The Lost Art Database is maintained by the German Lost Art Foundation. It documents cultural property that was either demonstrably seized from their owners between 1933 and 1945 as a result of Nazi persecution, or for which such a seizure cannot be ruled out ("Nazi-looted art/cultural property").
In addition, the Lost Art Database lists cultural property seized, relocated or removed as a result of the Second World War (“trophy art”).
Search Requests and Found-Object Reports
The Search Requests section lists cultural objects that were lost by private individuals and institutions or public institutions as a result of National Socialist dictatorship or in the course of the Second World War. Their locations are usually unknown, but the search list also includes objects whose locations, e.g. in Russia, are known.
The Found-Object Reports section lists artefacts that are known to have been seized or relocated due to Nazi persecution or as a result of the Second World War. Furthermore, reports on cultural property are published here, for which an uncertain or incomplete provenance indicates a possibly unlawful seizure or a war-related relocation.
In the case of Found-Object Reports, it is not always possible to make a clear assignment to a specific context of loss, as experience has shown that today's owners often do not know the details of the provenance of the artefacts in their possession.
Historical contexts of injustice
Between 1933 and 1945, millions of cultural objects were relocated, confiscated and looted: Persecutees of the Nazi tyranny became victims of state-organized cultural property looting in the form of "Aryanizations," expropriations, forced sales, or forced donations.
At the end of the war, the activities of the Soviet trophy commissions, the thefts of individual military personnel of the Allied forces, or territorial shifts led to the fact that cultural property that had been removed from storage were no longer returned to their original location and were looted, transferred, or relocated as "war trophy." In the Soviet Union in particular, they were intended to serve as compensation for war damage and losses suffered.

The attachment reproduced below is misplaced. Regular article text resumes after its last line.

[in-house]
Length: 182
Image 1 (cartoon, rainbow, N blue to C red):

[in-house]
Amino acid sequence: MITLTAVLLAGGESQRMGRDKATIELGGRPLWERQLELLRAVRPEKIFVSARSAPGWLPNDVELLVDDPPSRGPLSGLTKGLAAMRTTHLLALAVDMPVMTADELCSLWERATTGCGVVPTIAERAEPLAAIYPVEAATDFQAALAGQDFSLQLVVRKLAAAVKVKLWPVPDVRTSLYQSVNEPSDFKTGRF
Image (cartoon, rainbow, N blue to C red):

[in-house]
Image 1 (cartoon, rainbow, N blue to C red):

Legal and ethical foundations
The legal foundations for the restitution of cultural property expropriated as a result of Nazi persecution after the Second World War were the Additional Federal Compensation Act of 1953, the Federal Compensation Act (BEG) of 1956 and the Federal Restitution Act (BRüG) of 1957. However, they did not come close to reversing the property transfers. The deadlines for filing claims have since expired.
In 1998, the Washington Principles on Nazi-confiscated art were adopted at the international level. In 1999, Germany followed this historical and moral commitment and issued the Joint Declaration. Point III of the Joint Declaration calls for a public document listing lost and found objects that have been identified by public institutions as or are suspected to be Nazi-looted cultural property. Against this background, the Lost Art Database was put online in April 2000 and Guidelines were prepared by the German Federal Government, the Länder and the national associations of local authorities in 2001.
The starting point for the repatriation of cultural property displaced by war is international law, and in particular the Hague Convention of 1907: Among other things, it prohibits looting (Art. 47 HLKO), protects private property, and prohibits the confiscation, destruction, or damage of works of art (Art. 56 HLKO).
In order to document losses of cultural property from the years 1933 to 1945 and to create a basis for their repatriation, ten German Länder founded the "Koordinierungsstelle der Länder für die Rückführung von Kulturgütern [Coordination Office of the German Federal States for the Repatriation of Cultural Property]" in Bremen in 1994. Since 1998, all 16 Länder and, from 2001, the Federal Government, have participated in the Coordination Office, which was given its headquarters in Magdeburg (Koordinierungsstelle Magdeburg) and merged into the German Lost Art Foundation in 2015.
Titles and descriptions of objects in the Lost Art Database may contain discriminatory terms that reflect historical discourses and power relations. They go back to titles given by artists, manufacturers or authors, or have been handed down through historical inventories, inscriptions, catalogs, etc. We are aware that the use of these terms reproduces discriminatory language. However, in order to ensure that works remain traceable under their historical titles, we have decided to retain these terms. Documentation of historical work titles is essential for provenance research.